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California Senate Votes to Honor Astronaut Sally Ride with Statue in US Capitol

Sally Ride Aboard Challenger in 1983
Sally Ride, America's first woman in space, looks out the forward windows of the space shuttle Challenger in June 1983.
(Image: © NASA)

A statue of the late astronaut Sally Ride, the United States' first woman in space, could stand in the Capitol, if a lawmaker's proposal continues to advance.

The California State Senate on Monday (April 13) narrowly passed Joint Resolution 4, a "measure [memorializing] the Congress of the United States to place a statue of Sally Ride next to the statue of former President Ronald Reagan in the Congressional collection representing California."

The resolution, introduced by Senator Ricardo Lara (D-Bell Gardens), cleared with a vote of 22 to 10 — just one more vote than what was required for it to pass. [Sally Ride, First American Woman in Space (Pictures)]

"The California Senate is sending a powerful message by approving SJR 4," Lara said in a statement. "It's time that we modernize our representatives in the Statuary Hall and recognize the invaluable contributions of women to this great state."

Sally Ride is a modern depiction of the American Dream," he said.

National Statuary Hall, located in the U.S. Capitol building in Washington, D.C., is comprised of statues donated by the 50 states to honor individuals notable in their history. Each state may contribute two statues.

At present, California's statues honor Reagan and Father Junipero Serra, a Spanish priest who founded the state's first Catholic missions. Lara's resolution calls for Serra's statue, which was installed in 1931, to be replaced by one for Ride. (Reagan's statue, which took the place of orator Thomas Starr King's monument in 2009, will not be eligible for replacement for another four years.)

"Serra can best be memorialized by locating his statue in a place of honor in the Capitol of California where citizens and visitors can enjoy it and be reminded of his significant historical impact upon our state," the Senate bill reads.

Serra, who's set to be canonized when the Pope visits the U.S. in September, has a conflicted history. Though he is revered within the Catholic Church and a central figure in California's statehood, historians have described Serra as ascetic and uncompromising in his zeal to convert Native Americans to Christianity, enslaving them and leading to the death of thousands of Native Americans.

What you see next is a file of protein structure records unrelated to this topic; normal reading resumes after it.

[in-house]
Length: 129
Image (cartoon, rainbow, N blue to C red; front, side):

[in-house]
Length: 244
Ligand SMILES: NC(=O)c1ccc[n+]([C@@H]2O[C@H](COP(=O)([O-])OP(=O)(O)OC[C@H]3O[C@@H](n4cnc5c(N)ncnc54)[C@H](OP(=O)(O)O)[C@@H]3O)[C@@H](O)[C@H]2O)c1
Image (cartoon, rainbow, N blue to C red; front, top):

Still, those who oppose the replacement of Serra's statue have defended the friar for the influential role he played in founding the state and that his pending canonization would make him only the second saint to be honored in Statuary Hall.

"Removing his statue would be an affront to the people of California and would be an insult to the tens of millions of Catholics that call California home," State Sen. Jeff Stone (R-Riverside) said, addressing the Senate before the vote.

Ride's addition to the U.S. Capitol would also set her apart among the state honorees. Though not the only astronaut – Colorado's statues include the late Apollo 13 astronaut Jack Swigert – she would become the first member of the lesbian, gay, bisexual and transgender (LGBT) community to be memorialized.

Ride would also be the first woman to represent California in the hall.

National Statuary Hall, also known as the Old Hall of the House, is the large, two-story, semicircular room south of the Rotunda in the U.S. Capitol in Washington, D.C. (Image credit: Architect of the Capitol)

Ride, who died in 2012, became famous for launching with the STS-7 crew on space shuttle Challenger in 1983. The first U.S. female astronaut to fly into space, she was only the third woman worldwide to orbit the Earth, following two Soviet-era cosmonauts, Valentina Tereshkova in 1963 and Svetlana Savitskaya in 1982. [Video: Sally Ride Recalls Her 1st Space Mission]

After her second launch on the shuttle, Ride left NASA to become a physics professor and a champion for improving science education. She founded her own company, Sally Ride Science, to pursue her passion for motivating girls and young women to pursue careers in science, math and technology.

"Sally would be very honored to represent her home state of California in the National Statuary Hall Collection. She believed that diverse role models are important in all areas ... to inspire young girls and boys," Tam O'Shaughnessy, Ride's life partner and the chief executive officer of Sally Ride Science, stated. "Having a statue of Sally on display in our nation's capital would send a wonderful message of inspiration and equality to the world."

According to Lara, O'Shaughnessy and the Ride family are establishing a foundation to raise the estimated $500,000 needed to replace Serra's statue with one for Ride.

First though, the resolution needs to be approved by the state assembly and governor before the request is sent to the Joint Committee on the Library of Congress.

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